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‘This website is useless’: Colorado lawmakers propose tweak to state’s online checkbook

Scott Franz/Capitol Coverage

When state Rep. Janice Rich fires up Colorado’s online checkbook, she gets frustrated.

The website was created in 2009 with the goal of letting taxpayers track how the state government was spending billions of dollars.

But Rich says her constituents in Grand Junction are not able to follow the money.

“You see a ton of entries that don’t have a vendor name,” she said from her Capitol office. “There is no information who was awarded the contract (and government money). Without that information, I believe this website is useless.”

Rich, a Republican, is sponsoring House Bill 22-1108. It would require the state to update the checkbook system to display the name of every person or organization the government is exchanging money with.

Many entries in the checkbook already do reveal that information.

For example, KUNC and Rocky Mountain Community Radio used the online checkbook in 2020 to view travel expense reimbursement checks the state had written to Texas journalists with the goal of securing positive tourism coverage.

But while the names of those journalists were visible in the online checkbook along with the amounts they were reimbursed by the government, many other entries do not allow the public to see who exactly is receiving the government money.

The vendor name box simply displays as “not entered.”

“Let’s be transparent,” Rich said. “Let’s let the constituents know where that money’s going.”

Rich said some of her constituents in Grand Junction came to her asking for help because they could not use the website to see who was receiving some government contracts.

“There’s a lot of entries (in the checkbook), but for some reason, they don’t want to put the names there,” she said.

The online checkbook, known officially as the Transparency Online Project, is managed by the state’s Department of Personnel and Administration.

Scott Franz
Capitol Coverage

Spokesman Doug Platt says some vendor names are missing because the state does not legally require them to be entered into the reporting system.

“We comply with the statute as it is currently written,” Platt said.

His department estimates the vendor names could be added at no additional cost to the state.

Two years ago, Rocky Mountain Community Radio invited Colorado Freedom of Information Coalitionexecutive director Jeff Roberts to the state Capitol to test drive the online checkbook.

The review wasn’t pretty.

The checkbook was slow to load and difficult to search. Rocky Mountain Community Radio also discovered it was not being updated regularly, despite a state law mandating updates every five days.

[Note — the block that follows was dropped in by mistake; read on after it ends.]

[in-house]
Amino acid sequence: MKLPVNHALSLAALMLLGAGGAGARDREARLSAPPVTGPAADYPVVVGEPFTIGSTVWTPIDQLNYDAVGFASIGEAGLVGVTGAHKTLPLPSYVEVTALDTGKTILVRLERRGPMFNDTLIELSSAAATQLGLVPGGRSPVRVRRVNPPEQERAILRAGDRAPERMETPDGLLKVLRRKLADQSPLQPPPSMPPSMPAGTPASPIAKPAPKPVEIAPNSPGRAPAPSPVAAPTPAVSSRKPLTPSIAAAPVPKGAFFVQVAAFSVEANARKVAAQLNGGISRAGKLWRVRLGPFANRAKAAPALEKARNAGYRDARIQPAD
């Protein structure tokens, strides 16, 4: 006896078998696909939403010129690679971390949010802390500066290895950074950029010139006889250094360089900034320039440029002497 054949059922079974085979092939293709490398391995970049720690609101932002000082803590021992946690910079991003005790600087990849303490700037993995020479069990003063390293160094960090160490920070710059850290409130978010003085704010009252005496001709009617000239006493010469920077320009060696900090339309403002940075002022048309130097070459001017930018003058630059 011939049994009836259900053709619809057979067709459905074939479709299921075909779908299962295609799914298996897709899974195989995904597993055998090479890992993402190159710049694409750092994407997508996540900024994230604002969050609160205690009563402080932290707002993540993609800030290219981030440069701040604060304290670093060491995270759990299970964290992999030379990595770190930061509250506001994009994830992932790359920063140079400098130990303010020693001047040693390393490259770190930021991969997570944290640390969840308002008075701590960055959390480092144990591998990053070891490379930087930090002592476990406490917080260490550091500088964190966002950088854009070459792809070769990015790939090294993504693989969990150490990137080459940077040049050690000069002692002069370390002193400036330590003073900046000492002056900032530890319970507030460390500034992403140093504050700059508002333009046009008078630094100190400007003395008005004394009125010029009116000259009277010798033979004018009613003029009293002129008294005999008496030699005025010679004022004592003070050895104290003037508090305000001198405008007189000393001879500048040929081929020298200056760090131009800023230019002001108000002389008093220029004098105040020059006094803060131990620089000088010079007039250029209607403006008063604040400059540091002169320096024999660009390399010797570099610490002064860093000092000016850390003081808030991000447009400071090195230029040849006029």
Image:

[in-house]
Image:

“There was never any funding or staffing associated with the development of this system,” Platt said at the time.

The state tweaked the website last spring to provide faster load times and daily updates.

Rich’s bill to require the vendor names in the checkbook was originally scheduled for its first public hearing Feb. 10.

But Rich says she postponed the hearing after Gov. Jared Polis’ office reached out to her about the legislation.

“His office would like to meet with me to discuss ways that we can improve this before we have a committee meeting,” she said.

Asked for his thoughts on the bill, a spokesperson for the governor’s office sent the following written statement:

"We share Rep. Rich’s objectives for enhancing transparency across government and look forward to having further conversations with Rep Rich to learn more about her specific objectives with this legislation."

Several other Republican lawmakers are listed as co-sponsors of the bill. Rich is hopeful it will advance some time this session.

This is taxpayer money,” she said. “This is their money that's being used to pay for these. So why would you want to keep it a secret?”

Copyright 2022 KUNC. To see more, visit KUNC.

Scott Franz is a government watchdog reporter and photographer from Steamboat Springs. He spent the last seven years covering politics and government for the Steamboat Pilot & Today, a daily newspaper in northwest Colorado. His reporting in Steamboat stopped a police station from being built in a city park, saved a historic barn from being destroyed and helped a small town pastor quickly find a kidney donor. His favorite workday in Steamboat was Tuesday, when he could spend many of his mornings skiing untracked powder and his evenings covering city council meetings. Scott received his journalism degree from the University of Colorado at Boulder. He is an outdoorsman who spends at least 20 nights a year in a tent. He spoke his first word, 'outside', as a toddler in Edmonds, Washington. Scott visits the Great Sand Dunes, his favorite Colorado backpacking destination, twice a year. Scott's reporting is part of Capitol Coverage, a collaborative public policy reporting project, providing news and analysis to communities across Colorado for more than a decade. Fifteen public radio stations participate in Capitol Coverage from throughout Colorado.